Sunday, April 21, 2013
...and he has taken the dragon with him! My latest commission was a real challenge for me because it involved imagination, but also some knowledge of the story of Michael the archangel and the 7-headed dragon. The client didn't want me to follow the story exactly, which made it a little easier. But it has been a long time since I created a dragon, and I was a little rusty. I did a lot of research, both on dragons, and archangels, and my client did as well. I borrowed some of the background for the dragon from Raphael's version.
Michael was a little easier for me as he was more in keeping with my specialty, portraits. My client didn't want the typical image of Michael that you see in Raphael's depiction or that of many other artists. She had very specific ideas, the main one being she wanted him in Medieval-style armor, descending from Heaven rather than fighting the dragon on the ground, as I had him doing in my original sketch. I borrowed Michael's pose from a version by Esther Sanz. So above, right, is the final image.
This was one of the most intense commissions I've ever had. At times I felt completely out of my realm and overwhelmed by the enormity of the project. I believe there was some divine intervention, however, when my darling studio cat, Gracie, decided to leap onto my palette, which skidded out from under her, knocked over the water bucket, sending the bucket, brushes and water crashing to the floor. Although none of the dirty water landed on the painting, it did splash everywhere else, including all the drawers of my caddy, so not only did I have to stop to mop the floor, I also had to remove everything from the drawers and dry them. I know God was watching over either me, the cat or both!
And now I move on...here's what's currently on the easel: This is Tara, a beautiful yellow lab. It feels good to get back to painting pets!
Friday, March 1, 2013
I found an early self-portrait (above left), which not only made me laugh, but also reminded me of those early painting days. Back then, I didn't think as much about what I was doing. I just jumped right down the rabbit hole and did it! And I think jumping in without a lot of thought isn't necessarily a bad thing. For me, anyway, because I have a tendency to over-think things and then I get so wrapped up in the thinking that I lose interest in the painting. I'm not saying there's no value in art education, workshops, etc. I've benefited from all that. But I think you can spend way too much time analyzing, planning and critiquing, and before you know it you've lost all the emotion and freshness, as well as maybe some of the joy of painting.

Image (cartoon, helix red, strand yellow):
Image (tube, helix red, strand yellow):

|Where Shall I Go|
by Stephanie Allison
Now I may have arrived late at this revelation, but I suspect I'm not the only one. Lesson learned: stepping through the looking glass into the past can re-ignite a lost or buried creative spark. It has for me!
Sunday, February 24, 2013
by Stephanie Allison
18 x 24 Oil
CHANGE IS GOODSome of the changes I'm making are out of necessity (my recent retirement) and some are because I started thinking about the fact that I've been painting for years, selling more often than I realized, and, most importantly, I love it! So why not focus on doing something I love and maybe actually make money at it? Like so many other artists, I thought art was something to do in my spare time; the real money came from having a real job. And maybe I can do this now because I am an empty nester (although my dogs and cats and husband might have a different opinion on that)--but one thing I'm learning is that you really can make a living from your art if you know how to do it--and you don't have to be famous! The key is finding out what you love to do, do it, and, most importantly, share it with others!